Life’s two greatest pick-me-ups are undeniably chocolate and music. But did you know that music can actually act as a pick-me-up for chocolate and in turn impact the way you perceive its taste?
Prof. Charles Spence, an Experimental Food Psychologist and winner of the 2008 IgNoble, has been researching the oft abstract and curious association between specific sounds and tastes. In 2012, he tested the puzzling connection between pitch and test. Using a bitter sweet toffee made by Heston Blumenthal, his study found that the toffee was perceived as 10% more bitter while listening to low-pitched notes, and 10% sweeter when listening to higher-pitched music. Over the years, he has successfully replicated the results of his original study with people from across the globe.
In a related study, it was found that long legato flute notes make a piece of dark chocolate taste creamier while sharp staccato violin notes make the same chocolate taste bitter.
While the effect is real, the underlying principle has remained a bit more elusive. According to Professor Charles Spence who led the study, “It seems we find it difficult to keep our experiences separated. What we feel about one thing carries over to influence what we think about others we experience at the same time.”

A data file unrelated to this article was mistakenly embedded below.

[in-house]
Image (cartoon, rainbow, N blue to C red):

Felipe Reinoso Carvalho, a food scientist and psychologist at Vrije University Brussels, who was the first author of the study, and has also explored the impact of music on taste perception of beer, said it appeared the musical notes altered the perception of texture.
According to Carvalho, “It is not in the scope of taste anymore, it is in the scope of flavours. Creaminess is related to consonant harmonics, legato and reverberation. Roughness is an opposite auditory universe.”
Replicating the experience in a restaurant is certainly challenging when everyone is eating a different course at a different time.
But it certainly gives a way forward to restaurants and chefs to consider the sonic aspects of eating and drinking by playing carefully considered, well-thought out music so we can get something out of the experience.